In her foreword to this book, academic and Fiji Times columnist Seona Smiles describes how the Pacific is littered with instances of non-indigenous publishers and journalists being chastised and chased out. Last year, publisher of the Vanuatu Trading Post Marc Neil-Jones, who had lived in Vanuatu for 12 years, was deported with two hours' notice.

    The book also relates how widely respected New Zealand journalist Michael Field was banned from covering the 2000 South Pacific Forum because the Kiribati Government disapproved of some of his earlier articles. Since the book was published, Field has again been banned from reporting, this time from Nauru.

    The Pacific Journalist was compiled by David Robie, the coordinator of the journalism course at the University of the South Pacific, with contributions from working journalists, editors, journalism educators and trainers. Robie has a wealth of experience and first-hand knowledge of the region, first as a journalist, and later at the universities of Papua New Guinea and the South Pacific.

    He says the publication of The Pacific Journalist was delayed last year by the coup in Fiji. Some of the chapters were not written, or were incomplete when the book was published. But the book makes it clear that the coup has not only impacted on Fiji but also caused enormous debate on how to deal with culture and conflict in the South Pacific.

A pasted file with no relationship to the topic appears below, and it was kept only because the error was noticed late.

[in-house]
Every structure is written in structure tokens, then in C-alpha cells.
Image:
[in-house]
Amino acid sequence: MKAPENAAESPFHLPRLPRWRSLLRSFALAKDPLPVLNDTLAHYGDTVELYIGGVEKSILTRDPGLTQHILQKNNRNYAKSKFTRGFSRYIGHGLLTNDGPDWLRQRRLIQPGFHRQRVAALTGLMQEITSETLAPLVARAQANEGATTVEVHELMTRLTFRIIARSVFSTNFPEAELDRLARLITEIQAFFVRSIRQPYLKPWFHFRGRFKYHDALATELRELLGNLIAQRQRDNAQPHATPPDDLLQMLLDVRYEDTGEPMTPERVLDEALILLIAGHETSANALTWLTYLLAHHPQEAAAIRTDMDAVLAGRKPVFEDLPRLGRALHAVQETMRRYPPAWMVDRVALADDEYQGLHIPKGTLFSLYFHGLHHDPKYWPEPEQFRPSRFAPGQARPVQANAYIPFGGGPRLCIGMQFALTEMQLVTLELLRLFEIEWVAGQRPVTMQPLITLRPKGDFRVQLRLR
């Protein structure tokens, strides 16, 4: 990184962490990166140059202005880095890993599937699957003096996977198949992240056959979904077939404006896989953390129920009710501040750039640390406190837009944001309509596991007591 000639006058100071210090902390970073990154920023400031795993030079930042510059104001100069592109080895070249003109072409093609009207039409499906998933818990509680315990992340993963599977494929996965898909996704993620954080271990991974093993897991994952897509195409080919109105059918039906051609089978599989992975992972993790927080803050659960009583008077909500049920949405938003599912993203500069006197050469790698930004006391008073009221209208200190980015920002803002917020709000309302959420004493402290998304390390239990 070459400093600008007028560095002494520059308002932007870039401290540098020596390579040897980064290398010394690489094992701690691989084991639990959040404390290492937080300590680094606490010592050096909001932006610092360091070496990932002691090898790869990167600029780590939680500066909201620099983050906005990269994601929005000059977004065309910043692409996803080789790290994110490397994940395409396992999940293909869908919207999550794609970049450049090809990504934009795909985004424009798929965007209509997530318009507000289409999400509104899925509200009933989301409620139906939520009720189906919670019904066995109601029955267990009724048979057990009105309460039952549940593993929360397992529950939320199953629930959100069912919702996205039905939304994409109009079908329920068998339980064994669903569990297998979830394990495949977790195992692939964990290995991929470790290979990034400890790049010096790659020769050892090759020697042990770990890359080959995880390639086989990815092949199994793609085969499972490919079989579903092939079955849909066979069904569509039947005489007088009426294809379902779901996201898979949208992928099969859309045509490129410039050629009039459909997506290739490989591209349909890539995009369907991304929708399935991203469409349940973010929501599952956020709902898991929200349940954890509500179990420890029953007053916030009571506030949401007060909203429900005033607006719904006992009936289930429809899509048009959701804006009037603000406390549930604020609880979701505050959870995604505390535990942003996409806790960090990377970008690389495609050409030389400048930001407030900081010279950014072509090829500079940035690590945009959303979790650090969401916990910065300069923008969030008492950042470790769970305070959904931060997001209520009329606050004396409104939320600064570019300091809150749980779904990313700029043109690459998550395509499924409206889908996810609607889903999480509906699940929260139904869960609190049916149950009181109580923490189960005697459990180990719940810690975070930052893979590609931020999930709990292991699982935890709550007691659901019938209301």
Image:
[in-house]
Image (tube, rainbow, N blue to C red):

Of all the challenges for a Pacific Islands journalist, politics is perhaps the biggest. One contributor to the book, veteran Fijian journalist Jale Moala, has been working in New Zealand since the coup. He contributes a fascinating chapter on the difficulties of politics in the South Pacific. He says politics is so often mixed up with with issues like culture, the extended family system, and tribal and chiefly loyalties as well as customary obligations that it can become difficult for reporters to maintain impartiality and direction.

    When George Speight and his followers overthrew the elected Fiji Government last year, and the police were trying unsuccessfully to bring the situation under control, it was important for the national radio station with many indigenous listeners to be accurate and responsible. But under the pressures of the crisis, Radio Fiji allowed Speight supporters to make inflamatory statements live on radio, first to try to legitimise the events that had taken place and later to call for support to move into the parliamentary complex to bolster Speight's forces. Moala says the radio station was suffering from confusion about who was in power and would end up in power, combined with lack of newsroom leadership.